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Employing injured soldiers

Nearly six million British and German men were disabled by injury or disease between 1914 and 1918. Many returned home with paralysis due to damaged nerves; others came back missing one or more limbs.

The process in place to support the disabled men was lengthy. For some, it could take years to get through the hospital system. The men had to be seen by a specialist before being fitted with a prosthetic limb and the demand for prosthetics was enormous – as many as 41,000 limbless men returned to Britain from war.

Training schemes and workshops designed to help men use their new limbs and find employment were set up throughout the country at hospitals such as The Princess Louise Scottish Hospital for Limbless Sailors and Soldiers at Erskine in Scotland, and the Queen Mary Convalescent Auxiliary Hospital in London. The workshops were located in hospitals so that those waiting for treatment could be employed in useful and remunerative work. The numerous trades taught include cabinet making, carving, boot making, tailoring, basket making, bookkeeping, bricklaying and hairdressing.

Thomas Kelly, a private in the Gordon Highlanders, received a 100% disability pension after having both of his legs amputated above the knee. Kelly received 12 months of training in boot-repairing under the instruction of a private employer. However he wasn’t able to obtain employment as a boot repairer and was advised that he was unfit for such work.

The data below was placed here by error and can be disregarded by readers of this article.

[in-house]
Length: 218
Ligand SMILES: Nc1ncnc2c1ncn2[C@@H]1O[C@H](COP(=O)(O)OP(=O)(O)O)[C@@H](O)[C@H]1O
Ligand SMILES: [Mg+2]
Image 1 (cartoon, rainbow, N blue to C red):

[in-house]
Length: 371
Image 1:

Despite the difficulties he experienced, Kelly turned his attention to opening his own business – a tobacconist and newsagent’s shop – in 1921, which he funded with his own money. When the business began to struggle, Kelly received a grant for £40 from the Harry Lauder Million Pound Fund for Maimed Men, Scottish Soldiers and Sailors. This was a private fund that had been set up by the renowned Scottish singer and comedian Harry Lauder, who had a great deal of sympathy for those who had been significantly injured in the war.

Kelly eventually had to give up his business. A letter he sent to the Ministry of Labour shows that he was keen to continue in employment. After asking for training in basket making at Erskine House Kelly offered the following reminder:

‘I left a good job to join the soldiers, but now when I am maimed and not fit for manual labour, this country has no further use for us. Yet it was to be a country fit for heroes to live in. I think you will better let me know if you are going to give me training – yes or no. Then I will know how to act by writing to His Majesty and explaining my case to him.’

A photograph of a man using a handsaw to cut a piece of wood

A participant in an experiment by the Artificial Limbs Section, 1918-1919. The aim of the research was to find out how arms and hands move while using hand-tools so as to develop better aids for injured soldiers (catalogue reference: MUN 7/331)

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